Tour de France Stage 9 – Germany wins while Tony’s Gallopin into yellow

Topical things that are/should be anachronisms in July 2014:
1. BT
2. The use of the word ‘candy’ to describe anything other than lollies
3. The use of the word ‘poofter’ to describe anything at all
4. LGBTIQ people needing to ‘come out’ or sometimes feeling compelled to lie about their sexuality in the first place
5. Overly enthusiastic fans on mountain roads making contact with / getting in the way of riders

On Point 5 – just get out of the bloody way. No rider wants a complete stranger to slap them on the bum, wave a flag in their face, stand directly in front of them with a camera or run alongside them in your jocks. Eventually some moron will ruin it for everyone else – hopefully a rider doesn’t get seriously hurt in the process.

With both my footy teams losing on the weekend and the unwelcome reminder of where Australian sport is at in relation to attitudes towards homosexuality, I was looking forward to a good night’s racing in France. The second day in the Vosges had plenty of promise in that regard. After Kadri’s impressive ride the day before on the first taste of an upwards incline, this day promised more interest with a variety of climbs spread across the day.

The Vosges are not real mountains. In terms of elevation they would be at home in an Australian mountain range. Compared to the oxygen thieving heights of the Alps and Pyrenees to come, you can imagine how BT might describe these mountains… mountain candy of course. But with the big hill of the day named the Grand Ballon (literally Big Balloon) and enough ups an downs for the contenders to test the yellow jersey credentials of Nibali it had the prospect of a good day’s racing.

Tony Martin (from Germany, not New Zealand) gets in a two man breakaway with De Marchi and they are able to continuously lengthen their lead. Eventually Martin senses the weakness in De Marchi in the lead up to the Grand Ballon and rides off ahead. Getting over the top with a decent lead gives him a reasonable chance of rolling down into Mulhouse as the winner of the stage.

The interest, however, rests in the chase group where a group containing yellow jersey possibles Tony Gallopin and Tiago Macahdo get away from Nibali’s peloton. Richie Porte and Alberto Contador’s teams are only interested in marking Nibali, not seeing the other two as threats in the higher altitudes.

Ad break – Twitter is giving me no joy as people argue about the extent to which it is inappropriate to suggest that Thorpe’s revelation was no surprise. Instead, as a student of history, I do some research on the Maginot Line – the massive fortifications the French built along the German border between the wars. The region the race is in is close to where the Maginot Line was (and in some places still is). As a student of military history my opinion was that it was not a massive waste of money. Rather the French ineptly deployed their resources along their unfortified borders and, better managed, should have been able to resist the Blitzkrieg.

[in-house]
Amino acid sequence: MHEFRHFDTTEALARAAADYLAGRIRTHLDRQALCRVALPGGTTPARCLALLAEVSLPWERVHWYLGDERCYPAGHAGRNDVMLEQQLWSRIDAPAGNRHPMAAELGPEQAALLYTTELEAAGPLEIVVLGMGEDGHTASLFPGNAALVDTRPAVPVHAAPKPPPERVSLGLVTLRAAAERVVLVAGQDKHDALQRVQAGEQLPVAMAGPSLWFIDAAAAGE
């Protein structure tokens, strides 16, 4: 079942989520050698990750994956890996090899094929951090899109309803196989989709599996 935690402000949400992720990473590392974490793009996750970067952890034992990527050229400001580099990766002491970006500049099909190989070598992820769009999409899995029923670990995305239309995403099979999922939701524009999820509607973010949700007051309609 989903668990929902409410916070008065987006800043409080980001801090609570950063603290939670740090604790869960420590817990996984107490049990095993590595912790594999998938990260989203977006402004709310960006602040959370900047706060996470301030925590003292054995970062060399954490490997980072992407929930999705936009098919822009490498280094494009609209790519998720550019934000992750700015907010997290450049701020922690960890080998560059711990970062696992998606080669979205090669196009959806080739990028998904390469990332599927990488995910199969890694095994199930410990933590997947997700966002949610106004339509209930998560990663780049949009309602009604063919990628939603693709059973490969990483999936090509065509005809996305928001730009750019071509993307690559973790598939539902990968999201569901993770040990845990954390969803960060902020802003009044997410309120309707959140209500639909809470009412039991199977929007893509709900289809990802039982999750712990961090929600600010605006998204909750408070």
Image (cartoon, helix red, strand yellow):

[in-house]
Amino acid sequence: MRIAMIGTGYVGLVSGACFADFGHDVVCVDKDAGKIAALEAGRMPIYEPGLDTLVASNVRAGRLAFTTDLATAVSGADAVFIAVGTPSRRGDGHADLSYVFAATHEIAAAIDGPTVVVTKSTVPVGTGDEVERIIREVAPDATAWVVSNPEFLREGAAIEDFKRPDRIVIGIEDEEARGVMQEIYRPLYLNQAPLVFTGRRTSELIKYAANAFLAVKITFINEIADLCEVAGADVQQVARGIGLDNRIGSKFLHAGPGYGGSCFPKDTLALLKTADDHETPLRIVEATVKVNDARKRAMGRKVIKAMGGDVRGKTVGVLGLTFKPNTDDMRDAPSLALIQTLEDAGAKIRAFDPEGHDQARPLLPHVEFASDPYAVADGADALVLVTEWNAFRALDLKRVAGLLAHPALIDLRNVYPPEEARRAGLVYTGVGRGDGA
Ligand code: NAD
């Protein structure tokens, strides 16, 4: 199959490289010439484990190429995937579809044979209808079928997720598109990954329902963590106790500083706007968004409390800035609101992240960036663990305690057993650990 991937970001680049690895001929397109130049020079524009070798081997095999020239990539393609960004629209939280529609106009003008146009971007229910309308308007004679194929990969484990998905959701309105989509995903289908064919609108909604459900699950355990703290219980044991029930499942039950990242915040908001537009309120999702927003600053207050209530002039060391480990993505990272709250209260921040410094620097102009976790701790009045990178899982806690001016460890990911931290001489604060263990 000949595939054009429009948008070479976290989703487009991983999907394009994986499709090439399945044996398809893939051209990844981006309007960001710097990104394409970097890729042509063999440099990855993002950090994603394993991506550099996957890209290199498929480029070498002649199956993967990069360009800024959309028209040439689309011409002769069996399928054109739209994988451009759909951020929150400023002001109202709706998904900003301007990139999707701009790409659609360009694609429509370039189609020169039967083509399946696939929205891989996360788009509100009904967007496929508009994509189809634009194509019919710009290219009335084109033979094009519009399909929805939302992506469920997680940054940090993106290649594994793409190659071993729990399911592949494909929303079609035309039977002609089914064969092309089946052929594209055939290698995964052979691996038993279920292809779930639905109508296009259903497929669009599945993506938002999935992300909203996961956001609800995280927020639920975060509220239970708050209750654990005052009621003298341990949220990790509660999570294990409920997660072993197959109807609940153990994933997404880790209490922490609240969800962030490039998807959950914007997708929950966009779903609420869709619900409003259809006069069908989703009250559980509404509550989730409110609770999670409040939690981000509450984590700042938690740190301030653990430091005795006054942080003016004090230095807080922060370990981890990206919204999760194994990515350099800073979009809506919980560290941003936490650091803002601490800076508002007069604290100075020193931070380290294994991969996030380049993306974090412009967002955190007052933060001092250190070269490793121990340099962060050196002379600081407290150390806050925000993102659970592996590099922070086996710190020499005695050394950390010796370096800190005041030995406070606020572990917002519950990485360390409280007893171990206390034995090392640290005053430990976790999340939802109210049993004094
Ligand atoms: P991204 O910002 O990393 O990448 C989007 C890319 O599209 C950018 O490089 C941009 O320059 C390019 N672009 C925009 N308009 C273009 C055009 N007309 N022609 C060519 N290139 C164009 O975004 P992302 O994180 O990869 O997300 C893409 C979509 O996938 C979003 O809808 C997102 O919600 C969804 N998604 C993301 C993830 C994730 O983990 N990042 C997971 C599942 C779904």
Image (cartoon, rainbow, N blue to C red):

Meanwhile, Martin goes over the Grand Ballon to take the lead in the King of the Mountains classification and starts the descent to Mulhouse with a three minute lead over the chasing pack. Gallopin moves to the front of the chase group as he sees the distinct possibility of at least one day in yellow, eventually riding off on his own. In a positive sign for people worried about drugs in sport, Kadri is struggling. In years gone by one of the most telling signs of dodginess was certain riders’ abilities to back up day after day. Kadri is paying for his big day the day before.

The chase group catches Gallopin with about 10km to go but he continues to drive the group as they maintain their lead over the peloton. Pierre Rolland is in that group and also gets interested towards the end. Martin is now so far in front he gets to start celebrating almost as early as his compatriots in the Brazil semi a few days earlier. For the second consecutive day a breakaway rider has won the stage.

Gallopin crosses with the group and will get to wear the yellow jersey on Bastille Day. Although the serious contenders kept their powder dry, preferring to test each other out in Stage 10 perhaps, the Vosges made for a good night’s racing. Not a trace of casual homophobia in sight. Aussie Richie Porte drops to fifth but maintains his proximity to the serious contenders in Nibali and Contador.

About Dave Brown

Upholding the honour of the colony. "Play up Norwoods!"

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